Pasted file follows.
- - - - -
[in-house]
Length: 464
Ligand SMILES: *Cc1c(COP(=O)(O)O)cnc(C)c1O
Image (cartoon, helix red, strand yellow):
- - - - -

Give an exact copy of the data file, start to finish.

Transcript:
[in-house]
Length: 464
Ligand SMILES: *Cc1c(COP(=O)(O)O)cnc(C)c1O
Image (cartoon, helix red, strand yellow):